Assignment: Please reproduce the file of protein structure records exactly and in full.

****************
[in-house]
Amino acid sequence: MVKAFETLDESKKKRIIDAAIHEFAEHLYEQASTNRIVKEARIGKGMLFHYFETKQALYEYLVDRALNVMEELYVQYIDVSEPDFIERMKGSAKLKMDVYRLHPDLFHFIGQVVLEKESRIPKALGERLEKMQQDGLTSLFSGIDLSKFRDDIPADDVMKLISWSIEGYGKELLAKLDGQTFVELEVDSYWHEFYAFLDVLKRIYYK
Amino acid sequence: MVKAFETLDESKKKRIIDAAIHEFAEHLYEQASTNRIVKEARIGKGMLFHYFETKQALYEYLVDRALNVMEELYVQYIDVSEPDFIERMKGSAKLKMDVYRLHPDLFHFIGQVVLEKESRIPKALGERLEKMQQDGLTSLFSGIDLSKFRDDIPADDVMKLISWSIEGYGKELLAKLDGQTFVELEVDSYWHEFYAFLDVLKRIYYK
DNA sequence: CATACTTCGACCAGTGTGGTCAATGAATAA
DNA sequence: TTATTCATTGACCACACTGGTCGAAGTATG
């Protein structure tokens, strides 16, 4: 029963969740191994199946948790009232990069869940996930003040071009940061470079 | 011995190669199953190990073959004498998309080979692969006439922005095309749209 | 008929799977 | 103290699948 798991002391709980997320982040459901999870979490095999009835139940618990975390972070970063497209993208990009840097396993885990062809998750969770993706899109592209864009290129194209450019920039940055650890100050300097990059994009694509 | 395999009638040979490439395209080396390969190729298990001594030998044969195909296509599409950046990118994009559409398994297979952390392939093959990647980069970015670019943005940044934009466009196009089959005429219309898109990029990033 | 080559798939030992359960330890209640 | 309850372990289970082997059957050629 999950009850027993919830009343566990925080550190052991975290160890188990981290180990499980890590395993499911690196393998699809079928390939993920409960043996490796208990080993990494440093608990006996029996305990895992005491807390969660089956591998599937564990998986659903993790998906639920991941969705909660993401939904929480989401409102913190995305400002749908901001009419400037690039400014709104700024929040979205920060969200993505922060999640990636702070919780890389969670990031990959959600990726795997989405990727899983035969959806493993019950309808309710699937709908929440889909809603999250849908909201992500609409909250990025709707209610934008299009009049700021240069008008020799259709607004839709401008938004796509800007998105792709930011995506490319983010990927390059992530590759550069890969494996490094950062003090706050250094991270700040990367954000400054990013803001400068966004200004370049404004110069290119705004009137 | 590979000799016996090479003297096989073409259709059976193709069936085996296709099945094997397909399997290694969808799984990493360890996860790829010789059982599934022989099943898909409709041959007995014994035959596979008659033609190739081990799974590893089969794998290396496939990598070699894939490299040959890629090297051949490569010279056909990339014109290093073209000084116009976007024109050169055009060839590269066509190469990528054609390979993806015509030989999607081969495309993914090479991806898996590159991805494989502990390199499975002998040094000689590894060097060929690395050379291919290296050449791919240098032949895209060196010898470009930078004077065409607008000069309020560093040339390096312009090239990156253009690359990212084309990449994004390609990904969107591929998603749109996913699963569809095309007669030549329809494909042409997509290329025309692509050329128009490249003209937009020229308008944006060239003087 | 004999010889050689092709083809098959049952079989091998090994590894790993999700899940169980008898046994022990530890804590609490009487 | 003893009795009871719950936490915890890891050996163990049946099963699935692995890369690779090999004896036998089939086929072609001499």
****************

[in-house]
Amino acid sequence: MVKAFETLDESKKKRIIDAAIHEFAEHLYEQASTNRIVKEARIGKGMLFHYFETKQALYEYLVDRALNVMEELYVQYIDVSEPDFIERMKGSAKLKMDVYRLHPDLFHFIGQVVLEKESRIPKALGERLEKMQQDGLTSLFSGIDLSKFRDDIPADDVMKLISWSIEGYGKELLAKLDGQTFVELEVDSYWHEFYAFLDVLKRIYYK
Amino acid sequence: MVKAFETLDESKKKRIIDAAIHEFAEHLYEQASTNRIVKEARIGKGMLFHYFETKQALYEYLVDRALNVMEELYVQYIDVSEPDFIERMKGSAKLKMDVYRLHPDLFHFIGQVVLEKESRIPKALGERLEKMQQDGLTSLFSGIDLSKFRDDIPADDVMKLISWSIEGYGKELLAKLDGQTFVELEVDSYWHEFYAFLDVLKRIYYK
DNA sequence: CATACTTCGACCAGTGTGGTCAATGAATAA
DNA sequence: TTATTCATTGACCACACTGGTCGAAGTATG
């Protein structure tokens, strides 16, 4: 029963969740191994199946948790009232990069869940996930003040071009940061470079 | 011995190669199953190990073959004498998309080979692969006439922005095309749209 | 008929799977 | 103290699948 798991002391709980997320982040459901999870979490095999009835139940618990975390972070970063497209993208990009840097396993885990062809998750969770993706899109592209864009290129194209450019920039940055650890100050300097990059994009694509 | 395999009638040979490439395209080396390969190729298990001594030998044969195909296509599409950046990118994009559409398994297979952390392939093959990647980069970015670019943005940044934009466009196009089959005429219309898109990029990033 | 080559798939030992359960330890209640 | 309850372990289970082997059957050629 999950009850027993919830009343566990925080550190052991975290160890188990981290180990499980890590395993499911690196393998699809079928390939993920409960043996490796208990080993990494440093608990006996029996305990895992005491807390969660089956591998599937564990998986659903993790998906639920991941969705909660993401939904929480989401409102913190995305400002749908901001009419400037690039400014709104700024929040979205920060969200993505922060999640990636702070919780890389969670990031990959959600990726795997989405990727899983035969959806493993019950309808309710699937709908929440889909809603999250849908909201992500609409909250990025709707209610934008299009009049700021240069008008020799259709607004839709401008938004796509800007998105792709930011995506490319983010990927390059992530590759550069890969494996490094950062003090706050250094991270700040990367954000400054990013803001400068966004200004370049404004110069290119705004009137 | 590979000799016996090479003297096989073409259709059976193709069936085996296709099945094997397909399997290694969808799984990493360890996860790829010789059982599934022989099943898909409709041959007995014994035959596979008659033609190739081990799974590893089969794998290396496939990598070699894939490299040959890629090297051949490569010279056909990339014109290093073209000084116009976007024109050169055009060839590269066509190469990528054609390979993806015509030989999607081969495309993914090479991806898996590159991805494989502990390199499975002998040094000689590894060097060929690395050379291919290296050449791919240098032949895209060196010898470009930078004077065409607008000069309020560093040339390096312009090239990156253009690359990212084309990449994004390609990904969107591929998603749109996913699963569809095309007669030549329809494909042409997509290329025309692509050329128009490249003209937009020229308008944006060239003087 | 004999010889050689092709083809098959049952079989091998090994590894790993999700899940169980008898046994022990530890804590609490009487 | 003893009795009871719950936490915890890891050996163990049946099963699935692995890369690779090999004896036998089939086929072609001499």